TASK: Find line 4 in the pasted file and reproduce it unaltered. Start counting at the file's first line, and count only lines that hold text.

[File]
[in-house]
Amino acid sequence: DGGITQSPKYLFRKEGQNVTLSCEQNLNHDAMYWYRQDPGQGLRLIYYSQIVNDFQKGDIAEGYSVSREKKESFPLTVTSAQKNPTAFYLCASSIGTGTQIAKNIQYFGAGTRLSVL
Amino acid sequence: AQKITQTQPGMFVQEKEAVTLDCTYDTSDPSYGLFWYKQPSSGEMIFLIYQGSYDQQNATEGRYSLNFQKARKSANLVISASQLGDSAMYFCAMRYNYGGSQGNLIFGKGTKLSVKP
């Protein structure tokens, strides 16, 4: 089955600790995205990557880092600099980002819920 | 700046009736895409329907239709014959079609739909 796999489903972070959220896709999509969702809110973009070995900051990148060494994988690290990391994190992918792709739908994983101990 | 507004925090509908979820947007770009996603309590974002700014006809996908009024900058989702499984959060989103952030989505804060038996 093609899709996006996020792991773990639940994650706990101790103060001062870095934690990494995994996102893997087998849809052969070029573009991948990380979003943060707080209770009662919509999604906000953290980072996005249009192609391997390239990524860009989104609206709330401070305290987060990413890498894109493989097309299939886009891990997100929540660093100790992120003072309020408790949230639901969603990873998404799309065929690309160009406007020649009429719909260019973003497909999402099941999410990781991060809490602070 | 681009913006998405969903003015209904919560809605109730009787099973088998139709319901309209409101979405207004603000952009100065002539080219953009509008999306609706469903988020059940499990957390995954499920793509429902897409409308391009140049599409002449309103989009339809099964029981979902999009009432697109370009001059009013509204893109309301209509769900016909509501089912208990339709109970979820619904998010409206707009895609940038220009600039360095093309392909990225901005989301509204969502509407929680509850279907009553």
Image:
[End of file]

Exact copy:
């Protein structure tokens, strides 16, 4: 089955600790995205990557880092600099980002819920 | 700046009736895409329907239709014959079609739909 796999489903972070959220896709999509969702809110973009070995900051990148060494994988690290990391994190992918792709739908994983101990 | 507004925090509908979820947007770009996603309590974002700014006809996908009024900058989702499984959060989103952030989505804060038996 093609899709996006996020792991773990639940994650706990101790103060001062870095934690990494995994996102893997087998849809052969070029573009991948990380979003943060707080209770009662919509999604906000953290980072996005249009192609391997390239990524860009989104609206709330401070305290987060990413890498894109493989097309299939886009891990997100929540660093100790992120003072309020408790949230639901969603990873998404799309065929690309160009406007020649009429719909260019973003497909999402099941999410990781991060809490602070 | 681009913006998405969903003015209904919560809605109730009787099973088998139709319901309209409101979405207004603000952009100065002539080219953009509008999306609706469903988020059940499990957390995954499920793509429902897409409308391009140049599409002449309103989009339809099964029981979902999009009432697109370009001059009013509204893109309301209509769900016909509501089912208990339709109970979820619904998010409206707009895609940038220009600039360095093309392909990225901005989301509204969502509407929680509850279907009553």